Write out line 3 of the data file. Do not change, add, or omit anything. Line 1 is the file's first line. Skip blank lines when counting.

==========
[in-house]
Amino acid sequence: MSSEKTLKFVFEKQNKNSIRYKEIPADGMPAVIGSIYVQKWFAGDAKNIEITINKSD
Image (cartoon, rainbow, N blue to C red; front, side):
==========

Image (cartoon, rainbow, N blue to C red; front, side):